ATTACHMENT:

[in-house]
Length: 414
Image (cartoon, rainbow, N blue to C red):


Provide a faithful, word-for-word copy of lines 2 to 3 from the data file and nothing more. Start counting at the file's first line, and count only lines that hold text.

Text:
Length: 414
Image (cartoon, rainbow, N blue to C red):